Ferrari NV (+75%)
U.K. peer Aston Martin might have had a bad year, but there’s been no stopping its Italian rival. In November, Ferrari raised guidance for 2019 and unveiled its new 200,000-euro ($220,000) Roma Coupe vehicle. The supercar company also said it is teaming up with Giorgio Armani SpA to help push its handbag and clothing lines into the premium space, predicting that branded goods will contribute 10% of earnings before interest and tax within the next 7-10 years.
Tullow Oil Plc (-64%)
Tullow fell 72% in one day in December as the London-listed firm warned of production issues in Ghana, suspended dividends and announced the exit of its chief executive officer. It was the second plunge in a month, after news that the company reassessing its discoveries in Guyana, South America, prompted a 27% drop on Nov. 13.
NMC Health (-37%)
It was a December to forget for NMC, the U.K. listed operator of hospitals in the United Arab Emirates that plummeted as U.S. short seller Muddy Waters Capital LLC said the company’s financial statements hint at potential overpayment for assets, inflated cash balances and understated debt. NMC said the claims are unfounded and is planning an independent review.
Glanbia Plc (-36%)
The Dublin-traded protein shake-maker slumped in July after a profit warning, and Goodbody analyst Jason Molins expects “muted” growth in 2020. “Given the ongoing challenges in the business and limited earnings momentum, we maintain a cautious stance,” he wrote in a note Dec. 17.
Nokia Oyj (-35%)
The Finnish telecoms firm suffered its biggest stock price drop in decades in October after it cut its outlook and suspended dividends, saying spending to fend off competitors has delayed an earnings boost from 5G mobile networks. It isn’t expecting a major recovery until 2021, and Evli Bank said last month that “prolonged” margin pressures won’t ease until 2021.
Centrica Plc (-33%)
The British gas owner slumped in July as it announced its first dividend cut since 2015, along with CEO Iain Conn‘s departure, hurt by both a government-imposed cap on consumer energy bills and by outages at nuclear plants and gas wells. The U.K. election result provided minor relief for the shares after Jeremy Corbyn’s resounding loss effectively ended the likelihood of a broad nationalization of U.K. utilities.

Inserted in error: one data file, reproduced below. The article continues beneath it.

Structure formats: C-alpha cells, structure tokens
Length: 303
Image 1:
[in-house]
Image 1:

Swedbank AB (-30%)
The Stockholm-based bank is under investigation by authorities in several countries amid allegations that it allowed criminals to launder billions of dollars of dirty money. A purge of top bankers will lead to a “fresh start,” it said earlier this month.
Ipsen SA (-30%)
Ipsen plunged earlier this month as U.S. regulators suspended trials of a rare bone disease drug in patients under 14 years old amid safety concerns. The French firm acquired the treatment, palovarotene, via its $1.3 billion purchase of Clementia Pharmaceuticals Inc. earlier this year. CEO David Meek is stepping down at the end of December.
K+S AG (-29%)
A slate of new potash mines and China halting imports have weighed on potash prices, hurting suppliers like Germany’s K+S. The stock’s slump also coincides with a pile of debt amassed from opening a new mine in Canada.
Ambu A/S (-28%)
The unexpected firing of the Danish medical tech firm’s chief in May sparked a 20% drop in one day and sent short interest in the stock to an all-time high. New CEO Juan Jose Gonzalez has since issued two profit warnings and ended a distribution deal with Tri-anim Health Services in the U.S. Shareholder ATP said this month that the company is now on the right course.
Bankia SA (-26%)
The Valencia, Spain-based lender has dropped this year amid a decline in core revenue, while the sector was also hit by a court ruling that spurred fears Spain’s banks would have to pay billions of euros in compensation for the way they sold certain mortgages.